Every time we find out about a big company swallowing up a smaller company for a ridiculous amount of money, we get a feeling something fishy is going on. They’re probably just trying to squash the competition and become enormous monopolies to force us lowly consumers into paying higher prices for their products, right?

Cute. Even with their greedy monopolistic intentions…

We can imagine, though, that these types of firm mergers and acquisitions are not all bad. We might just be witnessing a beautiful love story blossoming into a happy marriage. In fact, we (the lowly consumers) might reap some serious benefits from these mergers. To explain, we need to learn more about yet another Nobel Prize winner in economics: Oliver Williamson.

Oliver Williamson won the prize for providing a theory of why “some economic transactions take place within firms and other similar transactions take place between firms, that is, in the marketplace.” Further, “when should decision power be controlled inside the organization and when should decisions be left to the market.”

This, like most Nobel Prize-winning theories, is a fundamental economic question that can be applied to our own lives. In lieu of the most lovey-dovey (or depressing) holiday of the year, let’s get into the firm-style behaviors of our romantic relationships.

It’s About That Time…

Say you’ve been dating your significant other for some time now and you think it’s time to move forward. You decide it’s time to move in together. Without bringing love into it (too much), we can provide a Williamson-esque analysis to this decision. The decision to move in together makes sense economically. Particularly, it’s due to what Williamson calls “asset specificity.”

“Dat asset specificity, doe.”-Oliver Williamson

In his seminal paper, Williamson notes that “Asset specificity can arise in any of three ways: site specificity, as when successive stations are located in cheek-by-jowl relation to each other so as to economize on inventory and transportation expenses; physical asset specificity, as where specialized dies are required to produce a component; and human asset specificity that arises from learning by doing.” 

Your significant other has a particular asset (relax the implicit pun in that term), that makes it economically efficient to bring it under one roof.

Furthermore, you and your significant other are effectively “locked into” the transaction to a significant degree, especially after deciding to exclusively date each other. The cost of turning to alternative sources for the particular asset is way too high. Just think of how it would play out if you simply switched to an alternative. Also, it’s good to remind ourselves how difficult it is to get back into the dating game even after one year of sharing information and getting over each other’s’ quirks.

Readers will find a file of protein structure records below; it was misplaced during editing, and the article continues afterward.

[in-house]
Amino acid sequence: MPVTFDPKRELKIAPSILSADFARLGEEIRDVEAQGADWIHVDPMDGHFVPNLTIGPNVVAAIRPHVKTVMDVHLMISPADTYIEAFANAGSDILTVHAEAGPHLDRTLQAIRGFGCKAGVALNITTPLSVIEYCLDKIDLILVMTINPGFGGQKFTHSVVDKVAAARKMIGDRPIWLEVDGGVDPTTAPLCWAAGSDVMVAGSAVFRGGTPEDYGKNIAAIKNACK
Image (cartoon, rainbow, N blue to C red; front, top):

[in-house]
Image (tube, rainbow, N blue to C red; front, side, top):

In any case, for some reason or another, though there are arguably many substitutes out in the world—fish in the pond—there is something about this one that is specific to your production process. “Doing business” with each other for the extended amount of time, the product that your significant other brings to the table has become a necessary component of the overall product–a happy life.

While you’re not living together, there are several factors that can create inefficiencies in this overall product. An obvious inefficiency is the presence of two rent payments. In cities like Washington D.C., this can be a serious pain in the ass-pocket. Living under one roof is similar to Williamson’s “site specificity”.

The “specialized dies” he talks about, could be a number of things. Perhaps your significant other makes a delicious lasagna or talks about economics in a way that really gets your engine going. Whatever it is, you realized you can’t live without it. (All together now, “Awwwwwww.”) Just another reason to move in together.

We’re all just trying to minimize transactions costs

Williamson’s theory of the firm is rooted in Nobel laureate Ronald Coase’s theory of transactions costs. Couples, like firms, bring processes under one roof to minimize the cost of transacting. Facebook acquired Instagram, not necessarily to rule the world, but to minimize the cost of having to contract out with Instagram for Facebook users to share pictures on such a fun and unique platform. Instead of dealing with the contracting headache Amazon would have to endure to start innovating in the grocery sector, it simply just has Whole Foods move-in. Oil companies, pharmaceuticals, restaurants, cable and tech companies all do this for this reason.

Sure, one reason companies make acquisitions can be to squash some of the competition in these markets. But sometimes, acquisitions help eliminate some inefficiencies in the production process. These inefficiencies can translate into better products and lower prices for consumers. A win-win situation for everyone.

This Valentine’s Day, if you feel it’s time to take the next step, you now have a quasi-romantic, economic defense for moving in—asset specificity, sweetcheeks.

It could minimize the cost to produce a happy life, for the both of you.

Cheers to your new life together…but read the disclaimer below.

Disclaimer: Williamson notes “bounded rationality”. This is the idea that the decisions people make are limited by imperfect information, the cognitive limitations of their minds, and the amount of time they have to make decisions. ReasonablEconomics is not responsible if this turns out to be a horrible move. Please move-in with caution. 

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